Advertisement
Share

What’s behind the Time Inc. takeover?

Time Inc. decided that if its famous magazine titles such as Time, People and Sports Illustrated were going to survive the wrenching shift from print publishing to digital viewership, the company couldn’t do it alone.

And so Time agreed to be acquired by another magazine publisher, Meredith Corp., whose titles include Family Circle and Better Homes & Gardens, for $18.50 a share, or $2.8 billion, which includes the assumption of Time’s approximately $1 billion in debt.

Wall Street applauded the marriage and sent the stocks of both companies sharply higher Monday. Investors basically agreed with the assertion by Meredith, a Des Moines, Iowa, company that also owns 17 television stations, that the combined company’s larger scale and broader stable of popular magazines would draw more advertising dollars and other revenue in the digital age.

Meredith will use the deal with New York-based Time to become “a premier media and marketing company with an unparalleled portfolio of national media brands along with a highly profitable local-television business,” Meredith Chief Executive Stephen Lacy said on a conference call with analysts Monday.

In announcing the deal Sunday, Meredith said it would have “leading positions in celebrity, food, lifestyle, news and sports, parenting and home content creation.”

Advertisement

Meredith said both companies’ boards approved the deal, and it confirmed recent speculation that the billionaire Koch brothers would provide $650 million to help finance the purchase.

That speculation had led some media observers to question whether the brothers, Charles and David Koch, would use Time’s storied publications to promote their brand of conservative politics.

Meredith said the brothers would not have a seat on its board of directors and “will have no influence on Meredith’s editorial or managerial operations.”

In his call with analysts, Lacy reiterated that the Koch brothers would not demand any control despite their hefty investment.

“Their desire to be passive and not require a board seat,” along with the financial terms of their investment, “without a doubt” made the offer from the Koch brothers the most attractive financing support available for the merger, Lacy said.

Rich Battista, who has been Time Inc.’s president and chief executive for slightly more than a year, will leave the publisher after helping Meredith’s management with the transition, Time Inc. said.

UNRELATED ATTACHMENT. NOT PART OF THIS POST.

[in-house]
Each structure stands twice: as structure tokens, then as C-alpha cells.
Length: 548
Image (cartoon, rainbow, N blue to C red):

Time Inc. Chairman John Fahey said in a statement that Battista and the rest of Time Inc.’s employees had made “significant progress transforming one of the world’s most iconic and historically significant publishing companies into a leading multi-platform media enterprise.”

But Fahey also said Meredith’s offer was “in the best interests of the company and its shareholders.”

Meredith’s stock shot up $6.55, or nearly 11%, to $67.55 a share Monday, and Time’s stock jumped $1.60, or 9.5%, to $18.50 a share, in response to the deal.

Like all traditional print publishers, both Time and Meredith have struggled to replace shrinking print ad revenue as more people consume news, videos and other information online. Time Inc., which was spun off from Time Warner Inc. in 2014, has been hard hit as more readers migrate to digital platforms.

In the first nine months of the year, Time Inc.’s revenue dropped 9% to $2 billion, compared with a year earlier. The company previously had held merger talks with Meredith to no avail, but the Koch brothers’ investment apparently helped get the deal done.

Tom Harty, Meredith’s president and chief operating officer, told analysts that the combined size of Meredith and Time was an advantage in gaining advertisers’ dollars.

“More and more marketers and agencies are consolidating budgets with partners who have the scale, trusted brands and ability to deliver [an] improved return on ad spend,” Harty said.

That’s one reason why media analyst Tuna Amobi of CFRA Research raised his rating on Meredith’s stock to “buy” from “hold” Monday and called the deal “transformative” for Meredith.

“Having so many assets in different areas of publishing gives them the ability to propose more solutions to advertisers,” Amobi said, adding that Time Inc. also is “farther along in terms of the online modernization of its content than Meredith.”

james.peltz@latimes.com

Twitter: @PeltzLATimes


Advertisement